The unintended consequences from the trade taxes continues. In order to protect themselves from Chinese steel dumping in Canada with the US tariffs in place, Canada is now looking to put on steel quotas and tariffs on China. China of course will try to avoid US tariffs by shipping its steel first to someplace else. The EU is considering something similar.
With the tariff induced stock market pullback, Investors Intelligence said Bulls fell to 47.6 from 52 last week and that is a 6 week low while bears rose to a 4 week high at 18.4 from 17.6 last week. The Correction side rose to 34 from 30.4. There is still a wide spread between bulls and bears of 29.2 but is at a 6 week high. The spread got stretched again two weeks ago and that coincided with the end of the market bounce. Bottom line, sentiment is just chasing price.
Asian markets were red across the board as we wonder each day where all this trade stuff is leading us to. The Shanghai comp fell another 1.1%, the H share index was down by 2.2% while the Kospi was weaker by .4%. There is a shrinking number of global stock markets that are still green on the year. The MSCI global stock market EX US closed yesterday at the weakest level since August 2017. Also of note, the yuan continues to weaken, lower for the 8th day in the past 9.
MSCI global stock market index EX US
What’s most noteworthy in Europe today is the continued poor performance in European bank stocks. The Euro STOXX bank index is down almost 1% to the lowest level since December 2016. The last thing European bank stock investors wanted to hear from the ECB was that NIRP (started in June 2014) was going to stay with us for a long time. We know the XLF in the US closed down for the 12th straight day yesterday.
Euro STOXX bank index
With mortgage rates holding near 7 yr highs, mortgage applications fell on the week. Applications to buy a home fell 5.9% w/o/w and are basically flat y/o/y, up 1.2%. This component is now at a 4 week low. Refi applications were down by 3.5% w/o/w and lower by 27% y/o/y. This data comes before pending home sales today at 10am whose index topped out this cycle in April 2016.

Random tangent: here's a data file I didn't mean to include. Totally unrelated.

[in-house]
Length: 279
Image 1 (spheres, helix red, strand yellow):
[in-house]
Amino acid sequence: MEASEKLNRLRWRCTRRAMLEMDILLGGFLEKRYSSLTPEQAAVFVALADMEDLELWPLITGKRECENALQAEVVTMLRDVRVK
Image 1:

With a new Italian government in place, regardless for now what might be implemented, helped to lift economic sentiment in June. The ISTAT index rose .8 pts to 105.4 after falling for 4 of the last 5 months. But the internals were very mixed. Weakness in manufacturing which fell to the lowest level since February 2017 (tariff worries?) was offset by gains in services and confidence for retailers (tax cuts?). Construction confidence was down. Italian bond yields are down today but only after a sharp rise in the past few days where the spread to German bunds blew out again.
As we get closer to another cut in ECB QE and banks start paying back outstanding LTRO loans, money supply growth in May improved to 4% y/o/y from 3.8% in April but this is a reduced pace from the 4.9% average in 2017.
There was a nice boost in UK retail sales in June. The CBI retail sales index jumped to 32 from 11 and that was well above the forecast of 10. CBI said “Higher than average temperatures seem to have had a positive impact on shoppers, with retailers benefiting from above average seasonal sales and improved order volumes growth. While today’s findings will bring some summer cheer to retailers, underlying conditions for the sector remain challenging – household spending remains under pressure from the slow recovery in real wage growth and the sector is still grappling with key structural changes like digital transformation.” The news did nothing for the pound which continues to trade poorly on Brexit worries.